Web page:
Lauren Laithwaite bought a cup of coffee for her son on Friday and placed it on a mantlepiece beside a bouquet of white memorial flowers, spending the second anniversary of Chris Van Camp’s death in quiet reflection. Sharing coffee was something mother and son enjoyed.
Van Camp was found unresponsive in his Saskatchewan Penitentiary cell on the morning of June 7, 2017. He had been on parole briefly in the spring of 2017 after serving part of a sentence at the prison, but was returned to custody after he spent days in a coma resulting from an overdose after using cocaine laced with fentanyl in Calgary.
His cellmate, Tyler Vandewater, was charged with second-degree murder and is expected to be tried in January 2020 in Prince Albert.
As resilient as she and her younger son Ronald Hopkins are, they’ve learned to go with the waves of grief, Laithwaite said.
“We’re living our lives and we’re doing what we’ve always done. We’re going to work and we have moments where we are very happy and experiencing great things and then we have moments where we reflect and we get sad with what happened and dealing with the trial, with as long as it’s taken to even get a trial date set and the fact that I have to sue the government over this — this is not the way I thought I’d be living my life,” she said in an interview on Wednesday.
“How I feel changes day to day, moment to moment.”
Van Camp’s mother and younger brother proceeded with legal action against Canada’s attorney general, who represents the Correctional Service of Canada, Alberta Health Services and Foothills Medical Centre, as well as the former and current chiefs of the Calgary Police Service.
On Friday, the family’s lawyer filed notices to the three defending parties to admit facts, with the aim of obtaining summary judgement, but it’s not clear so far whether that will succeed.
None of the claims presented in the original lawsuit has been proven in court and the facts presented in the notices have not been admitted.
Laithwaite and Hopkins’ lawyer, Regina-based Tavengwa Runyowa, said a court can dispose of an issue if the facts are sufficiently clear and the parties have exchanged documents and records. They contend Van Camp should not have been arrested and returned to custody because the Good Samaritan Drug Overdose Act protected him.
The act came into effect on May 4, 2017. Van Camp was arrested later that month on May 29. The text of the legislation exempts anyone suffering an overdose or anyone else at the scene from charges for a violation of a pre-trial release, probation order, conditional sentence or parole if evidence in support of the offence was obtained or discovered as a result of seeking assistance.
“We feel we have a nice, crisp, clean issue. Was Chris as factually innocent as you or I? Yes he was, because the Good Samaritan act said he was,” Runyowa said.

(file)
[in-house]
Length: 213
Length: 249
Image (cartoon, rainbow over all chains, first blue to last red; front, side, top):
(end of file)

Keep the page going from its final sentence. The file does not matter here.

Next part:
The plaintiffs want the defendants to admit to certain facts, including:
- Two Calgary police officers presented Foothills Medical Centre ICU staff with a warrant to arrest Van Camp; the warrant had been issued by a parole supervisor officer to suspend his statutory release.
- The reason given for suspension of parole was “For breach of condition: Failure to Abstain from Drugs. Information from Community Sourses (sic) indicate using Opiates;” hospital staff, including a registered nurse, were present when officers executed the warrant just after midnight on May 29, 2017.
- Van Camp had been an intensive care unit patient and placed on life support five days before his arrest; through his brother, his mother informed the parole officer of the overdose and the parole officer assured Laithwaite that Van Camp would not be arrested as a result of the overdose.
- The Good Samaritan Drug Overdose Act was in force at the time of the arrest.
- Van Camp had lost muscle mass and was “diminished in his physical strength and dexterity” at the time of the arrest.
In Alberta, defendants in civil claims have 20 days from the date they were served the notice to provide an answer. The StarPhoenix reached out to media representatives for each of the plaintiffs for comment and did not immediately receive a reply.
Having a court say her son was a patient, not a prisoner, will have a “tremendous impact” for Laithwaite, Runyowa said.
A finding from the court would be a small part of holding the government accountable, Laithwaite said.
“I’m not one usually to run around needing to prove I’m right, but this one I do need to prove I’m right.”
She said her son’s recovery in hospital was interrupted and his civil rights were stepped on.
“Certainly it would make me feel much better for a judge to say ‘You’re right and this will never happen again to anybody.’ ”
Copyright Postmedia Network Inc., 2019